Thyroid nodule other imaging findings
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Editor-In-Chief: C. Michael Gibson, M.S., M.D. 
Thyroid nodules may also be diagnosed via radionuclide thyroid scan, whole-body radioactive iodine scan, positron emission tomography (PET scan) or iodine-131 single photon emission computed tomography (SPECT).
Other Imaging Studies
Radionuclide thyroid scan/scintigraphy
- Using either technetium 99 mTc pertechnetate or I123
- Radionuclide scan is contraindicated during pregnancy
- Thyroid scintigraphy is useful to determine the functional status of a nodule. It is specifically indicated in patients with thyroid nodule and a low serum TSH to determine if the nodule has autonomous functioning.
- In scintigraphy, iodine radioisotopes (more commonly used; usually I-123) or technetium pertechnetate (99Tc), are injected and then the radioisotope uptake time by the thyroid gland is measured.
- High radioisotope uptake=Hot nodule:
- Hyperfunctioning nodules
- Low radioisotope uptake=Cold nodule:
- Post therapy whole-body iodine scanning is typically conducted approximately 1 week after RAI therapy to visualize metastases.
Diagnostic whole-body RAI scans
- Diagnostic whole body scanning (DxWBS), either following thyroid hormone withdrawal or recombinant hormone TSH (rhTSH), 6–12 months after remnant ablation may be of value in the follow-up of patients with high or intermediate risk of persistent disease, but should be done with I-123 or low activity I-131.
- Improved diagnostic accuracy of indeterminate thyroid nodules
- In patients with thyroid PET incidentaloma, the incidence of primary thyroid malignancy is very high 
- There is insuffiecient evidence to recommend to or against routine clinical use
- Usage indications:
- Simple disease localization in thyroglobulin (Tg) positive, RAI scan–negative patients
- Initial staging and follow-up of high-risk patients with poorly differentiated thyroid cancers unlikely to concentrate RAI in order to identify sites of disease that may be missed with RAI scanning and conventional imaging.
- Initial staging and follow-up of invasive or metastatic Hurthle cell carcinoma.
- As a powerful prognostic tool for identifying which patients with known distant metastases are at highest risk for disease-specific mortality.
- As a selection tool to identify those patients unlikely to respond to additional RAI therapy.
- As a measurement of post treatment response following external beam irradiation, surgical resection, embolization, or systemic therapy.
Larson SM, Robbins R 2002 Positron emission tomography in thyroid cancer management. Semin Roentgenol 37:169–174. 316. 
False-positive 18FDG-PET findings can be due to:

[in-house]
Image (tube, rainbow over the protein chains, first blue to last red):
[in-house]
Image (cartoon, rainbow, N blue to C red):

- Inflammatory lymph nodes
- Suture granulomas
- Increased muscle activity
Therefore, cytologic or histologic confirmation is required before one can be certain that an 18FDG-positive lesion represents metastatic disease.
Iodine 131 single photon emission computed tomography (SPECT)=CT fusion imaging
- May provide superior lesion localization after remnant ablation, but it is still a relatively new imaging modality
- ↑ Reschini E, Ferrari C, Castellani M, Matheoud R, Paracchi A, Marotta G, Gerundini P (2006). "The trapping-only nodules of the thyroid gland: prevalence study". Thyroid. 16 (8): 757–62. doi:10.1089/thy.2006.16.757. PMID 16910877.
- ↑ Shambaugh GE, Quinn JL, Oyasu R, Freinkel N (1974). "Disparate thyroid imaging. Combined studies with sodium pertechnetate Tc 99m and radioactive iodine". JAMA. 228 (7): 866–9. PMID 4406304.
- ↑ Torlontano M, Crocetti U, D'Aloiso L, Bonfitto N, Di Giorgio A, Modoni S, Valle G, Frusciante V, Bisceglia M, Filetti S, Schlumberger M, Trischitta V (2003). "Serum thyroglobulin and 131I whole body scan after recombinant human TSH stimulation in the follow-up of low-risk patients with differentiated thyroid cancer". Eur. J. Endocrinol. 148 (1): 19–24. PMID 12534353.
- ↑ Gavriel H, Tang A, Eviatar E, Chan SW (2015). "Unfolding the role of PET FDG scan in the management of thyroid incidentaloma in cancer patients". Eur Arch Otorhinolaryngol. 272 (7): 1763–8. doi:10.1007/s00405-014-3120-5. PMID 24902804.
- ↑ Leboulleux S, Schroeder PR, Busaidy NL, Auperin A, Corone C, Jacene HA, Ewertz ME, Bournaud C, Wahl RL, Sherman SI, Ladenson PW, Schlumberger M (2009). "Assessment of the incremental value of recombinant thyrotropin stimulation before 2-[18F]-Fluoro-2-deoxy-D-glucose positron emission tomography/computed tomography imaging to localize residual differentiated thyroid cancer". J. Clin. Endocrinol. Metab. 94 (4): 1310–6. doi:10.1210/jc.2008-1747. PMID 19158200.